Can the kid who settled his child-abuse claim with Michael Jackson speak out about his case?

Can the kid who settled his child-abuse claim with Michael Jackson speak out about his case?

Can the kid who settled his child-abuse claim with Michael Jackson speak out about his case?

Answers to your questions about the news.
July 9 2009 6:06 PM

Keep It in the Closet

Can the kid who settled his child-abuse claim with Michael Jackson speak out about his case?

Michael Jackson and Lisa Marie Presley and children.
Michael Jackson and Lisa Marie Presley surrounded by children at Neverland Ranch

According to an unsubstantiated Internet rumor circulating since Michael Jackson's death, Jordan Chandler, the boy who in 1993 claimed to have been repeatedly molested by the pop star, has now recanted his story. Fifteen years ago, Chandler reached a $20-million settlement with Jackson, in which he agreed that neither he nor any of his family members or representatives would make any public comment about the case. Now that Jackson is dead, can Chandler speak out?

No. Jackson's settlement with Chandler, like any well-crafted confidentiality agreement, binds not only the parties themselves but also their "heirs, administrators, executors, conservators, successors, and assigns." The death of Jackson, or Chandler for that matter, would have no effect on the settlement's secrecy obligations.

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Generally speaking, contractual rights extend to a party's heirs even if the contract fails to make that point explicit. Death voids a contractual obligation only if the person who died was himself central to the performance of the contract. For example, if Chandler had agreed to cut Jackson's hair every month, Jackson's death would have released Chandler from his responsibilities. (No, your hair doesn't keep growing after you die.) Chandler might argue that the confidentiality provision in the 1994 settlement was personal to Jackson—it was solely for his benefit and, now that he's gone, the obligation should be dissolved. However, Jackson's heirs could make the straightforward case that they rely on a stream of income (royalties on record sales, licensing fees, etc.) that is partially dependent on Jackson's reputation.

If the Internet rumor turns out to be true, and Chandler has, indeed, breached the settlement agreement, then Jackson's estate or heirs can sue him for breach of contract. Most agreements stipulate that if the plaintiff spills the beans, he must either return the entire settlement amount or a specified sum (usually less than the original settlement) plus legal expenses. But many people don't bother to enforce confidentiality agreements for two reasons. The vast majority of settlements (unlike Chandler's $15.3 million windfall, after legal fees) are relatively small. Most plaintiffs have relatively modest assets to start with, and they quickly become judgment proof by blowing the settlement money on everyday expenses. Also, a second lawsuit would only drag out the media circus and could make Jackson's family look as if it's trying to bully the victim. That may be why the Catholic Church has declined to sue loose-lipped victims of molestation by priests. The most common and effective use of the confidentiality agreement is to get a court order silencing potential blabbermouths before they start talking. Oprah Winfrey has used this tactic successfully against former associates who threatened to go public about their time in Oprah's employ. Violating a private confidentiality agreement is one thing; disobeying a judge is something entirely different.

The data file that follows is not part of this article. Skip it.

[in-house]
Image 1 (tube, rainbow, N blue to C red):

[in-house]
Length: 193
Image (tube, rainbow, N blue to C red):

Even with a cooperative plaintiff, confidentiality agreements are not particularly reliable. Courts have, at times, voided the provisions because they can be at odds with the public interest. For example, Jeffrey Wigand, the former Brown & Williamson scientist who was portrayed by Russell Crowe in The Insider, was released from his confidentiality agreement in order to publicize controversial research conducted by the tobacco industry. Confidentiality agreements that do not contravene public policy can still be superseded by a subpoena in a criminal case, a doctrine that Michael Jackson learned during his 2005 molestation trial as he watched a parade of employees reveal his secrets.

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Explainer thanks Lester Pines of Cullen Weston Pines & Bach LLP.

Brian Palmer covers science and medicine for Slate.